Thai police say an Iranian man bought the airfares for two men who boarded a missing plane with stolen passports.
Three days after the Malaysia Airlines flight carrying 239 people vanished between Kuala Lumpur and Beijing, a search operation involving several countries has found no sign of the aircraft.
The airline has said search and rescue teams are expanding the scope of their search beyond the plane's flight path to western Malaysia at the Straits of Malacca.
Authorities are trying to find out more about the two mystery passengers who had one-way tickets to Europe and were travelling on Austrian and Italian passports stolen in Thailand in the past two years.
Malaysia's civil aviation chief Azharuddin Abdul Rahman earlier said the pair were "not Asian-looking men".
He added: "Do you know a footballer by the name of (Mario) Balotelli? (This is) what he looks like. I don't want to dwell on this but the men are not Asian-looking."
Thai Police Lt Col Ratchthapong Tia-sood has revealed that a travel agency in the beach resort of Pattaya, Grand Horizon, sold the tickets for the two men to an Iranian man known only as Mr Ali.
"We have to look further into this Mr Ali's identity because it's almost a tradition to use an alias when doing business around here," he said.
Grand Horizon's owner, Benjaporn Krutnait, told The Financial Times she believed Mr Ali was not linked to terrorism as he asked for cheapest tickets to Europe.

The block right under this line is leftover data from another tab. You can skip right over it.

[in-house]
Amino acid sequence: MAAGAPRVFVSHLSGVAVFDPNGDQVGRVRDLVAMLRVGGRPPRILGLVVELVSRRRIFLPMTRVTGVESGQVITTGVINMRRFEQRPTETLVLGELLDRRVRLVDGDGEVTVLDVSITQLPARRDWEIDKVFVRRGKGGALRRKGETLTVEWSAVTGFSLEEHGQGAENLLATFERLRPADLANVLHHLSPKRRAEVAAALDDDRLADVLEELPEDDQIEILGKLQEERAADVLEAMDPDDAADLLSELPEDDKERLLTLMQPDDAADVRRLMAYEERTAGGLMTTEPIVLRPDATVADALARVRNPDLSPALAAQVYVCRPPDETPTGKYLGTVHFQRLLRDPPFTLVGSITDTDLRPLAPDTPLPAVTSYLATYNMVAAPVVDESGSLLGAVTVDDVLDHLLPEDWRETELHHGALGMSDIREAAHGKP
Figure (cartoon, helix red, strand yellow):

She also said Mr Ali - who had been regularly buying tickets from her for around three years - had not specified the Kuala Lumpur to Beijing flight.
Sky's Foreign Affairs Editor Sam Kiley said: "This is not an indication at all of any kind of Iranian government involvement.
"There is a massive industry in Malaysia and Thailand of people traffickers smuggling people from place to place on stolen passports. It has to be seen in that context at this stage."
It is not known whether the two men had anything to do with the plane's disappearance, but security services are investigating whether the Boeing 777-200 was hijacked or destroyed in a terror attack.
Malaysian Transport Minister Hishammuddin Hussein said biometric information and CCTV footage of the men has been shared with Chinese and US intelligence agencies, which were helping with the investigation.
Officials are discussing whether images of the men should be made public as part of an appeal for information, while Interpol said additional "suspect" documents are under review.
Authorities admit they are "puzzled" by the "unprecedented" disappearance of the plane.
The search effort, involving at least 34 aircraft and 40 ships from 10 countries, has widened to a 100-nautical mile (115-mile, 185-km) radius.
Earlier reports of debris spotted in the South China Sea, including an aircraft door, have not been confirmed, while a possible sighting of a section of the plane's tail has been ruled out.
Rescuers are also responding to reports of debris floating in the sea south of Hong Kong.
It has also been confirmed that samples of oil taken from a slick in the South China Sea came from a ship, not the missing aircraft.
With no confirmation that the Boeing 777 has crashed, hundreds of distraught relatives are still waiting anxiously for any news.
Nearly two-thirds of the passengers on the flight were Chinese and if the loss of the plane is confirmed, it would be the country's second-worst air disaster.
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